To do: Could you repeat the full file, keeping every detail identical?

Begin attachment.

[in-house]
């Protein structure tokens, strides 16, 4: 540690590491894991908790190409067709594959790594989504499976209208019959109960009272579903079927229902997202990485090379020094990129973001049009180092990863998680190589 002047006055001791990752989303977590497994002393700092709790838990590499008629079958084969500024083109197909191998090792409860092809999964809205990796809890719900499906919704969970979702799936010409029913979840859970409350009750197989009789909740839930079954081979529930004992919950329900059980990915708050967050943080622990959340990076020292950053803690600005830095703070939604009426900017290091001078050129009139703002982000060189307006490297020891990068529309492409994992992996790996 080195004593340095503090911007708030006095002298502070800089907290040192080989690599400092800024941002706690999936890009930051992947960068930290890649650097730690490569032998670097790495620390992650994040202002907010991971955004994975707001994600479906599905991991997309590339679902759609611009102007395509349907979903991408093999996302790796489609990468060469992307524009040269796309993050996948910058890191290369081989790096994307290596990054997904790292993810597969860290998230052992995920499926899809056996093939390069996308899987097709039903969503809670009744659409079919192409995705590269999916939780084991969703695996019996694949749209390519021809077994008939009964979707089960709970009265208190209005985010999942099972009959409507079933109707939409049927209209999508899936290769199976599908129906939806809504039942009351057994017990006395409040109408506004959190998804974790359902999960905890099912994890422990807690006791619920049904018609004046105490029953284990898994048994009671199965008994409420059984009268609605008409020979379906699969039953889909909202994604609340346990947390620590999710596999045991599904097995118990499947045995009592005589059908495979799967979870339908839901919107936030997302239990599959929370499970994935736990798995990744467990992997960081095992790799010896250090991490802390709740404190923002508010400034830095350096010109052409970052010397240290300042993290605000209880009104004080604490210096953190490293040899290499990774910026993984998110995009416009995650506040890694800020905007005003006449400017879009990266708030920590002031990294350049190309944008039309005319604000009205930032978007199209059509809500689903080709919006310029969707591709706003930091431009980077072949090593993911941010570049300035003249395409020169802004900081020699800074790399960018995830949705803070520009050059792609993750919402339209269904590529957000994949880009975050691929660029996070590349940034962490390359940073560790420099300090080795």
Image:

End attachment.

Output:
[in-house]
């Protein structure tokens, strides 16, 4: 540690590491894991908790190409067709594959790594989504499976209208019959109960009272579903079927229902997202990485090379020094990129973001049009180092990863998680190589 002047006055001791990752989303977590497994002393700092709790838990590499008629079958084969500024083109197909191998090792409860092809999964809205990796809890719900499906919704969970979702799936010409029913979840859970409350009750197989009789909740839930079954081979529930004992919950329900059980990915708050967050943080622990959340990076020292950053803690600005830095703070939604009426900017290091001078050129009139703002982000060189307006490297020891990068529309492409994992992996790996 080195004593340095503090911007708030006095002298502070800089907290040192080989690599400092800024941002706690999936890009930051992947960068930290890649650097730690490569032998670097790495620390992650994040202002907010991971955004994975707001994600479906599905991991997309590339679902759609611009102007395509349907979903991408093999996302790796489609990468060469992307524009040269796309993050996948910058890191290369081989790096994307290596990054997904790292993810597969860290998230052992995920499926899809056996093939390069996308899987097709039903969503809670009744659409079919192409995705590269999916939780084991969703695996019996694949749209390519021809077994008939009964979707089960709970009265208190209005985010999942099972009959409507079933109707939409049927209209999508899936290769199976599908129906939806809504039942009351057994017990006395409040109408506004959190998804974790359902999960905890099912994890422990807690006791619920049904018609004046105490029953284990898994048994009671199965008994409420059984009268609605008409020979379906699969039953889909909202994604609340346990947390620590999710596999045991599904097995118990499947045995009592005589059908495979799967979870339908839901919107936030997302239990599959929370499970994935736990798995990744467990992997960081095992790799010896250090991490802390709740404190923002508010400034830095350096010109052409970052010397240290300042993290605000209880009104004080604490210096953190490293040899290499990774910026993984998110995009416009995650506040890694800020905007005003006449400017879009990266708030920590002031990294350049190309944008039309005319604000009205930032978007199209059509809500689903080709919006310029969707591709706003930091431009980077072949090593993911941010570049300035003249395409020169802004900081020699800074790399960018995830949705803070520009050059792609993750919402339209269904590529957000994949880009975050691929660029996070590349940034962490390359940073560790420099300090080795």
Image: